The Kindling Hour review – Arthurian legend meets Hitchcockian thrills | Theatre


What would a time traveller make of it? Someone arriving from 2019 would be perplexed to find this year’s most sociable night out involves six people logging on to their computers from their living rooms to play an intense game of puzzle-solving jeopardy.

And someone arriving from 2001 wouldn’t recognise the words to describe the experience: Zoom, YouTube, QR codes, Instagram, Wikipedia, Google Maps … none of these would be in their vocabulary.

In that sense, The Kindling Hour is of the moment. It’s an escape room-style game that uses online tools to compensate for the demands of social distancing. Throw in a suggestion of whistle-blowing, corporate malpractice and anti-corruption investigations, and you could hardly be more 2021.

Created by Ollie Jones and Clem Garrity of Swamp Motel, this is the third in a trilogy that began with Plymouth Point, in which your team goes on the trail of a missing woman, and continued with The Mermaid’s Tongue, in which you must stop an ancient artefact from falling into the wrong hands.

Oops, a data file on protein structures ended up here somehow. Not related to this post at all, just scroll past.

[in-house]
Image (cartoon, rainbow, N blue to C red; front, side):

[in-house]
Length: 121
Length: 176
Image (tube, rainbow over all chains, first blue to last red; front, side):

This time, we have to use ciphers, passwords and clues within clues to track down the elusive Ivy Isklander before the nefarious London Stone Consortium gets to her. If nothing else, our visiting time-traveller would have recognised a plot inspired by Arthurian legend and Trojan myth coupled with a Hitchcockian sense that the thrill of the chase is more important than whatever it is we’re supposed to be chasing.

As with The Mermaid’s Tongue, if it hadn’t been for my younger companions finding the solutions before I even recognised the questions, I reckon I’d still be playing now. What is beyond doubt is Swamp Motel’s technical achievement; in an era of glitchy wifi and accidental mute buttons, the presentation is seamless, the more so with its high-definition film sequences suggesting the big-screen blockbuster it aspires to be.

Like a blockbuster, it’s all about the intensity of the moment. As with similar online adventures, we don’t seriously care about the characters or engage in any idea deeper than the drive to solve the next riddle. It’s highly enjoyable, but wouldn’t our time traveller like to see these same techniques applied to something more resonant?

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